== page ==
Update on the CSA Program

Update on the CSA Program

One of the tools QualifiedCarriers.com provides clients, is the ability to set your own thresholds for a variety of motor carrier safety and/or compliance data, with FMCSA’s Compliance, Safety and Accountability (“CSA”). Congress commissioned The National Academy of Sciences (“NAS”) to conduct a comprehensive review of the CSA program to test the validity of the system and the impact of its scores on the public who might consider using them. The NAS has completed its review. We’ll highlight some of the findings.

The program was found to be “structured in a reasonable way,” that it has sound reason behind the method of identifying motor carriers with a certain alert status, but that it should be done by a more statistical, measurable, principled approach. NAS took issue with FMCSA’s use of experts instead of relying on data.

The NAS did not make a recommendation as to whether SMS results and scores should be available to the public. However, the NAS recommends that the Agency conduct a detailed review and analysis of the potential impacts that those scores will have on the industry and the public if they are made readily available. With this said, CSA’s percentile scores may be hidden while that impact study is performed.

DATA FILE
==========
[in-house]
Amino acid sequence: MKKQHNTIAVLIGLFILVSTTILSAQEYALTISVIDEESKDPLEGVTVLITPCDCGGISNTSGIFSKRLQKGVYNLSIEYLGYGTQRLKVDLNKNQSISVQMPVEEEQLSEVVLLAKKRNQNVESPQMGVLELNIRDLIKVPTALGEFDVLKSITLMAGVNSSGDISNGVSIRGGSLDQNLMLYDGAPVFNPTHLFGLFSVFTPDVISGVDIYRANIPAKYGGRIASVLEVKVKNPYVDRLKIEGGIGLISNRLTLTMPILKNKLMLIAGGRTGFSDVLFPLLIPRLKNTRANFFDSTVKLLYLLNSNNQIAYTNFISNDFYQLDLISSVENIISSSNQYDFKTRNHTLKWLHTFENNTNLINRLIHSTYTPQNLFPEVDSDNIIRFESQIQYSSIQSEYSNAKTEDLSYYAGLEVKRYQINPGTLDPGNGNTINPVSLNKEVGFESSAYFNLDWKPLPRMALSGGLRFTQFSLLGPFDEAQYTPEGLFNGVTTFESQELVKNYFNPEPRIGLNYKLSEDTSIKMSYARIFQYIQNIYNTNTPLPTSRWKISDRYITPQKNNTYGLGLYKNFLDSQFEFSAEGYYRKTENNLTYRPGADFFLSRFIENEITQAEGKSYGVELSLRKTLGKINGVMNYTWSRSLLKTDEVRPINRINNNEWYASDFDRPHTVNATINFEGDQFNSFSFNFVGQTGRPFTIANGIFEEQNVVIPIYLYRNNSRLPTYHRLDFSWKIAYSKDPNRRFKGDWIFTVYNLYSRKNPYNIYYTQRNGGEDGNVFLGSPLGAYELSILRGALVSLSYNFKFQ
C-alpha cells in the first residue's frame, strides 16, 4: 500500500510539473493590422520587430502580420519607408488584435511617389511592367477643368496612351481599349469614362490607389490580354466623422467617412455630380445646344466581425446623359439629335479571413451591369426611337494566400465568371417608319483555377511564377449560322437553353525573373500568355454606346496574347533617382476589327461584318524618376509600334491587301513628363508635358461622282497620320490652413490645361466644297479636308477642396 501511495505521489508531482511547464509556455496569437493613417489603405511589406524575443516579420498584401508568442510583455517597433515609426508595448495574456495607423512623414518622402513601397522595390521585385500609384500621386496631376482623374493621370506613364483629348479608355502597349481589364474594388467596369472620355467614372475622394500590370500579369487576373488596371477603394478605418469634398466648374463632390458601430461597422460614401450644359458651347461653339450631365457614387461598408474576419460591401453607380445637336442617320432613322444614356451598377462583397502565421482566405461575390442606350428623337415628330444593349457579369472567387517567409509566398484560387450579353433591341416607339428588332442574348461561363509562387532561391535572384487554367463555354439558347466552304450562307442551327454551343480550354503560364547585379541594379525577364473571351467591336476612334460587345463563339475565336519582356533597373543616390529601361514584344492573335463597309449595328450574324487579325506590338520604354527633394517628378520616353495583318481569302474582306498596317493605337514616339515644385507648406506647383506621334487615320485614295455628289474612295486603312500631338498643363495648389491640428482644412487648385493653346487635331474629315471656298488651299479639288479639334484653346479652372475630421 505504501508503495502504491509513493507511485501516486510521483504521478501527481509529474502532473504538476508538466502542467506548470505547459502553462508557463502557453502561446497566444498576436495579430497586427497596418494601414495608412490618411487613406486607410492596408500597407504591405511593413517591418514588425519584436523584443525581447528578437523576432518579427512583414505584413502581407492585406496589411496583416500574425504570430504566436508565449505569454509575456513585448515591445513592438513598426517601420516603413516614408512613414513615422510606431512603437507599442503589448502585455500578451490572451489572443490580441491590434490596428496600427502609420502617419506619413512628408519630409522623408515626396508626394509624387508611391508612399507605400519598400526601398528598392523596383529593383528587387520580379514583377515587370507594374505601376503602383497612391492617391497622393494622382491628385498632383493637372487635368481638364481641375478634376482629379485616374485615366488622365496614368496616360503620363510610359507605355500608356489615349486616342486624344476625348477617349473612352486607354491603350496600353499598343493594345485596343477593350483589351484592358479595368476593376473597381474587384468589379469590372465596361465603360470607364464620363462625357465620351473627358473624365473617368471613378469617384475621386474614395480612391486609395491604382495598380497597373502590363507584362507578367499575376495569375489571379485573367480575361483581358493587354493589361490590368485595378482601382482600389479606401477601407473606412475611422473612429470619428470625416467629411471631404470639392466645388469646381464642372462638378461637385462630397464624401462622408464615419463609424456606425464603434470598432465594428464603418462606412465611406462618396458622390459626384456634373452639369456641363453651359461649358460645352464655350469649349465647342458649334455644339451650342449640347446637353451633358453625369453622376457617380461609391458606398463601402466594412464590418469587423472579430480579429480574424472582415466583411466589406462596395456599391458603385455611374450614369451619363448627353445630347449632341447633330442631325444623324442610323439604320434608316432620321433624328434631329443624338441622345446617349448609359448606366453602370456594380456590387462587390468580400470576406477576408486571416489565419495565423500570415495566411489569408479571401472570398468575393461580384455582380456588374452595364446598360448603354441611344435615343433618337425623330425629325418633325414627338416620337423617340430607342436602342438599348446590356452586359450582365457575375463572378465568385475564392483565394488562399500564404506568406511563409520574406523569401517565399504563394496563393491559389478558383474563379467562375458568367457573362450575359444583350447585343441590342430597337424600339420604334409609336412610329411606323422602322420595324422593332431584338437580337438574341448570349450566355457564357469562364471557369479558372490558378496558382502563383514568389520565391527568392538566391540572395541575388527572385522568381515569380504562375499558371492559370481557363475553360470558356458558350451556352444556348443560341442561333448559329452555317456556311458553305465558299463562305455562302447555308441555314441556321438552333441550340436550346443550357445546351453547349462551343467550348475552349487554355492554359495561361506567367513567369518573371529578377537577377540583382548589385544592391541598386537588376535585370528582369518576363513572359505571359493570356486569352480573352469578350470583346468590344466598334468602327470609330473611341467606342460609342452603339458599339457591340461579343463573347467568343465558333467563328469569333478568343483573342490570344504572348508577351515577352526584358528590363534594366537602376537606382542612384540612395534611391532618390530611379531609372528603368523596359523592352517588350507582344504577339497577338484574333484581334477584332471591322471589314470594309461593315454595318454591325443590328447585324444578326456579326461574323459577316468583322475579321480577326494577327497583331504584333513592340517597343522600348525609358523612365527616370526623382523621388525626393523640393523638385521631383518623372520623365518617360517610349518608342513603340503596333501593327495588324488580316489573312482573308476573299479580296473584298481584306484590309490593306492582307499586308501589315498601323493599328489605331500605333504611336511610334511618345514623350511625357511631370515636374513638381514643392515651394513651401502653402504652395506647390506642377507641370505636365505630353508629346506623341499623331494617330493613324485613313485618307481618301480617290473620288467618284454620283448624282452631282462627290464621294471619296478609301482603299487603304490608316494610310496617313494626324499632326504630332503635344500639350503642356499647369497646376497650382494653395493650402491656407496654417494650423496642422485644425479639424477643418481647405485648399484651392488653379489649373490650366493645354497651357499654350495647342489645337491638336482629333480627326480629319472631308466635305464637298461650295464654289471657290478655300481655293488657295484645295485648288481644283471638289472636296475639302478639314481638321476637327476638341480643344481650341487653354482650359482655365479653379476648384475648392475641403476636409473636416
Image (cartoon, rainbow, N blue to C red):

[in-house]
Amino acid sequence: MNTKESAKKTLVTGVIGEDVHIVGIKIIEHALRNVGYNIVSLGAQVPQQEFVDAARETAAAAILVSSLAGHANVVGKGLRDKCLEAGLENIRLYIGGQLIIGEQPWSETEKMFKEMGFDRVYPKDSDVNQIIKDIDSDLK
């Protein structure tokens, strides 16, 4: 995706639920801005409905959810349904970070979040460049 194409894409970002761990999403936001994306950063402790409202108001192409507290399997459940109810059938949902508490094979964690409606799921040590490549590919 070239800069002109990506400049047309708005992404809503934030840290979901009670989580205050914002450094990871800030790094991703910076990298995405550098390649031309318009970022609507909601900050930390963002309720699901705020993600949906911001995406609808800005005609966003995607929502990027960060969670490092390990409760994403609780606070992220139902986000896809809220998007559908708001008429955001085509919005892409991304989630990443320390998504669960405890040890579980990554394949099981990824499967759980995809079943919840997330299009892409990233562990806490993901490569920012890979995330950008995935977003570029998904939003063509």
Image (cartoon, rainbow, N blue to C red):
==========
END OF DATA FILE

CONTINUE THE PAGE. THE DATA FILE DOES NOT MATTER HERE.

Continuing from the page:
NAS recommended multiple quality and transparency improvements be made by FMCSA. Specifically, CSA should be a system that relies more upon data than selected expert opinion; FMCSA should embrace transparency so data quality can be tested and improved; NAS supports the direct estimation of variability in scores and rankings; all of which should allow FMCSA to better adapt to changes in the future. Additionally, NAS encouraged FMCSA to collaborate closely with state law enforcement to improve data quality and to implement a National Minimum Uniform Crash Criteria—something some in FMCSA and safety advocates have been loath to accept.

NAS provided additional advice to FMCSA, suggesting it consider evaluating both percentile ranks and absolute measures, when making decisions regarding whether to issue a carrier an SMS alert. Presumably, NAS recognized that forcing a percentile number, is akin to grading on a curve. Considering both absolute and percentile scores allows law enforcement to have a bigger, better picture.

Finally, NAS’ review contained one already new and controversial suggestion. NAS, wrote of its desire to see FMCSA collect more operational and financial information on carriers, including compensation style and data, driver turnover and other data that might provide more complexion. The controversy lies in the compensation piece. Ironically, while NAS suggests FMCSA rely more upon data than expert, it ran afoul of its own advice when it referenced an expert opinion that salary drivers are “known to be” safer than drivers paid on a mileage basis. No comprehensive or definitive study on this exists.

We continue to watch this carefully, and will keep our clients posted as to future events. QualifiedCarriers.com provides daily and periodic updates on the quality of data for your carriers, and, if subscribed, keeps your documents and insurance certificates updated. We have many tools to assist you in evaluating your carriers.